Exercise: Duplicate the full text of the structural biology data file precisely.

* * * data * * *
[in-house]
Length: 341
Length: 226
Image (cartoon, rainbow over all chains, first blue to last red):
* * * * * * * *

[in-house]
Length: 341
Length: 226
Image (cartoon, rainbow over all chains, first blue to last red):